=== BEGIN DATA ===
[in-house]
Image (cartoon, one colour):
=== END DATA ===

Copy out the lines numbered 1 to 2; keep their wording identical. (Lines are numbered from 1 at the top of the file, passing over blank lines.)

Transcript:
[in-house]
Image (cartoon, one colour):